There's a great responsibility and gravity that comes along with staging (and reviewing) a show like "The Diary of Anne Frank." The Holocaust wasn't even a hundred years ago, but feels at once farther and closer, in many ways. While connections have been made between that era and the current political climate, many Holocaust survivors and their loved ones are no longer living, and generational ties have weakened. The stories of the Holocaust need to continue being told, and theater is an effective way to educate the population.
"The Diary of Anne Frank," by Frances Goodrich and Albert Hackett (playwrights and screenwriters of films such as "Father of the Bride" and "Seven Brides for Seven Brothers"), adapted by Wendy Kesselman, stays true to Frank's writing. There are many scenes that directly quote passages from her diary, and the timeline focuses on the nearly two years the refugees spent in the secret annex. The 1955 play received the Tony Award for Best Play, the NY Drama Critics Circle Award for Best Play, and the Pulitzer Prize for Drama (Kesselman's 1997 adaptation of "The Diary of Anne Frank" was nominated for a Tony Award for Best Revival of a Play but didn't win).
But while this retelling of Anne Frank's haunting story received accolades on Broadway, Geva's production leaves a particular element to be desired. It's unclear whether Anna Lentz (Anne Frank) interprets the character in a way that doesn't work, or whether she was guided by Director David Ira Goldstein (artistic director emeritus at Arizona Theatre Company, which is co-producing) to play the role that way. Regardless, there's a blatant disconnect from historical depictions of Anne Frank as a spirited but sweet child of the 1940's. Here, Lentz portrays Frank as an overbearing, often sullen brat whose body language and intonation come off as very modern. It's as though a twisted iteration of Veruca Salt from "Willy Wonka and the Chocolate Factory" was somehow transported into the wrong show. Lentz's Anne — who should be driving the emotional pace of the production with her every word, as Frank does in her diary — is not only hard to follow, she's downright unlikeable. And that simply cannot be the case when such a powerful story is being staged.
Fortunately, there is some saving grace amongst the ensemble performances. Steve Hendrickson (Otto Frank), who was last seen at Geva as Scrooge in "A Christmas Carol," gives a marvelous interpretation of Frank's gentle and giving father. His ending scene provided some of the most moving moments — and seemingly the only moments where people were reaching for tissues. Michael Santo (Mr. Dussel) is a deadpan foil to other characters' overstated drama, creating welcome comic relief; and Kit Prelewitz (Miep Gies) makes a kind and sophisticated impression during her brief scenes onstage.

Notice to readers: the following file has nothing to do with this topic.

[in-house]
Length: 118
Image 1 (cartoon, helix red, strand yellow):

Bill Clarke's scenic design provides an innovative, fluid aesthetic that features every actor prominently; while Mimi Maxmen's costume design encompasses both function and a nod to the wealthy history of the characters (Mrs. Van Daan's fur coat and Anne's flowered heels are especially beautiful touches).
It's worth noting the admirable work Geva has done to create experiences around "The Diary of Anne Frank." A partnership with The Strong and the Jewish Federation of Greater Rochester yielded a free exhibit in the lobby and upstairs lounge. One particular portion of the exhibit features small black buttons etched with the phrase "How do I make a difference today?" — patrons are encouraged to take a button or two, and even pass them on. Post-show talkbacks with the Jewish Federation will also take place after the Sunday matinees on March 4, 11, and 18.
Geva is also partnering with Pittsford Mendon High School for the Stage Door Project: a one-time version of the show, at Geva, featuring a completely high school-aged cast and crew. The high schoolers have been shadowing the professional cast and crew, and will perform their production on Thursday, March 15, at 7:30 p.m.
While "The Diary of Anne Frank" does not feature the strongest ensemble in Geva history, seats will fill and the end-of-show ovation will continue through the run. Audiences will attend and applause each night, standing as they should to pay tribute to the Franks, the Van Daans, and thousands of other untold stories of Holocaust victims.